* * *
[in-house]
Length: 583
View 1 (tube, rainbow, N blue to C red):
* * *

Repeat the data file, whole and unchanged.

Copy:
[in-house]
Length: 583
View 1 (tube, rainbow, N blue to C red):